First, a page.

Is this clever crowdsourcing or just a genuine brand gaff?

Call me a cynic but I’ve been reading the GAP logo story with increasing disbelief. Did a global brand like Gap (who’s distinctive logo encapsulates so much of not only its brand value but also clothing designs) seriously approve a new logo more at home on a 1980s software packaging than a trademark sweatshirt? Should I honestly believe that after spending millions on a redesign, Gap is backing down because 2,000 people complained on Facebook?

Rebrand U-turn: Deliberate ploy?

Is this “gaff” no more than a clever way to generate coverage and a reverse crowdsourcing opportunity? I doubt very much that “Gap launches online consumer initiative to help redesign the logo” would have had half as much coverage and debate (as the BBC put it) “Gap scraps new logo after online outcry”.

Whatever the case, Mark Hansen, president of Gap Brand North America, is the hero of the day, revealing that the company has been “listening” and “watching” and that the much-loved original logo will be reinstated as customers “always come first”. Hurrah!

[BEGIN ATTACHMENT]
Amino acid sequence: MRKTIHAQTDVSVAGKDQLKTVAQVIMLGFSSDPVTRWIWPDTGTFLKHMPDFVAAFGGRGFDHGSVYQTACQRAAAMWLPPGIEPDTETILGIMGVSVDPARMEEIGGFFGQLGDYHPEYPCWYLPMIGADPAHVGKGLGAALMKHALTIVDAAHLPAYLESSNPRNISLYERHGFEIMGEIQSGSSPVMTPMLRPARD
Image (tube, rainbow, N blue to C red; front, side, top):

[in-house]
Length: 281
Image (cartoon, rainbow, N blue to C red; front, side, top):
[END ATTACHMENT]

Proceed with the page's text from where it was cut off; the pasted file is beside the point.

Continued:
Power to the consumer; or brands getting clever about headline-grabbing crowdsourcing? At best, Gap needs some immediate social media and communications advice; at worst and if the latter is true, it may have adversely damaged relationships with some of its most vocal customers. Time will tell.

Stephanie MacLeod, Kaizo



Marketing’s HR link

Marketing Week

Your cover story on how marketers can use their skills in other areas (“Beyond the boardroom walls”, MW 30 September) should be required reading for anyone who still thinks marketing is the fluffy posters and promotions department.


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